We human beings are not only the beneficiaries but also the stewards of other creatures. Thanks to our bodies, God has joined us so closely to the world around us that we can feel the desertification of the soil almost as a physical ailment, and the extinction of a species as a painful disfigurement. Let us not leave in our wake a swatch of destruction and death which will affect our own lives and those of future generations.
The culture of selfishness and individualism that often prevails in our society is not, I repeat, not what builds up and leads to a more habitable world: rather, it is the culture of solidarity that does so; the culture of solidarity means seeing others not as rivals or statistics, but brothers and sisters. And we are all brothers and sisters!
Please, I would like to ask all those who have positions of responsibility in economic, political and social life, and all men and women of goodwill: let us be “protectors” of creation, protectors of God’s plan inscribed in nature, protectors of one another and of the environment.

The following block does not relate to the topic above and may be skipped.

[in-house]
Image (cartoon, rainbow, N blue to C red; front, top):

People occasionally forgive, but nature never does. If we don’t take care of the environment, there’s no way of getting around it.
A 2011 report by the Pontifical Academy of Sciences warned of the devastating future impacts of climate change and called on nations to act. That follows a 2001 report by U.S. bishops calling for action on climate change.
Other faiths also are working to combat climate change. More than 300 evangelical leaders, including the Rev. Leith Anderson, president of the National Association of Evangelicals, and the Rev. Rick Warren, the Orange County pastor who wrote the best-selling “Purpose-Driven Life,” have signed a statement on climate change. The Episcopal Church and the Evangelical Lutheran Church in America endorsed a joint statement on the issue in May. Buddhists, Jews and Muslims have formed groups to combat climate change.http://climatecrocks.com/2014/01/05/pope-francis-nature-does-not-forgive/